Typography is something we see every day. On our phones, on the subway, in magazines, on websites, on T-shirts, and on billboards. We’ve become so accustomed to looking at beautifully-designed, coherent text over the years that we instantly recognize when something doesn’t work.
Fonts can sometimes be like sports stars. No seriously, bear with us. They do their thing day in, day out and you simply expect them to work without a flaw. It’s only when we notice something bad or shocking, that we rip them to shreds and call them out on their wrongdoings. Makes sense right? In fact, Cleveland Cavaliers owner Dan Gilbert was famously ridiculed after he wrote a scathing open letter to NBA superstar Lebron James by using the world’s least favorite font: Comic Sans. Even though it’s just a design, this typographically naive choice took something serious and heartfelt and turned it into a laughing stock.
Gilbert isn’t alone in his typography fail, major corporations and small businesses alike also don’t seem to challenge font choices before they reach the public eye. The ‘You had one job’ meme would have a field day with regards to some marketing execs. The internet is almost bursting with outrageous top 10 lists of typography fails; making it laughable to think that someone was paid to create these font fiascos when advertising a product or service. Type of font (Comic Sans, Papyrus, and Bleeding Cowboys seem to have the worst rep), spacing, and misuse of symbols—these are definitely all important to learn.
In terms of websites, the importance of images is not to be forgotten, but as we’ve just seen, it’s incredibly easy to make one typography slip-up that can run a reputation off course. As a 1&1 article explains, fonts need to match the site’s theme and target group, and that unusual fonts can sometimes lead to annoyingly long loading times. It seems there’s far more to fonts than simply choosing one that looks cool.
As the owner of a website, it may be that typography is at the bottom of your list of priorities. Interesting, relative content, striking headlines, strong images, SEO… remembering everything is nearly enough to make your head spin. Regardless of the fact that ‘Best Typography’ is a category in the AWWWARDS – an organization that actually gives prizes and actively promotes websites with great web design – good typography is about getting important information across in a design that is inventive and attractive. Fonts could well be more important than you think, and the difference between good and bad is easily spotted, as web designer Dmitry Kirsanov explains:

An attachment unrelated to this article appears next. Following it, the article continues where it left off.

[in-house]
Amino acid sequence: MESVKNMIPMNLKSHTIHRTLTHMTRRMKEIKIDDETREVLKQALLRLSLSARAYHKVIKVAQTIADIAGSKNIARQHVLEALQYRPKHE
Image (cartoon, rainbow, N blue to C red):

“No other design discipline requires so much learning and training as fontography, and by no other aspect can amateurs be so easily distinguished from professionals. To be font literate, a designer has to study the history and the principles of font design.”
So it appears the why of solid typography is evident across all media, but what about the how? Although browsing a site like Dafont.com does bring up parallels of needles and haystacks, but regardless of whether you work in design, marketing, or you’re just an online store owner, these places could well inspire you for your own creations. Interestingly, there is also a new approach to finding fonts. Called the ‘Shazam for fonts,’ Spector is a new prototype gadget that can glide across printed media then transmit the font type back to Adobe InDesign, allowing you to discover its name (Quick tip: many fonts are owned by their creators and require a licensing fee to use them).
So, like we said, good typography – particularly across websites – should generally be assumed and viewers will undoubtedly expect nothing else. As well as the potential for recognition from AWWWARDS, readers will undoubtedly return to sites that are pleasing to the eye, easy to navigate, and have information that is readily accessible. Plus, you don’t want to end up on a top 10 list of ‘Worst Typography Fails’ do you?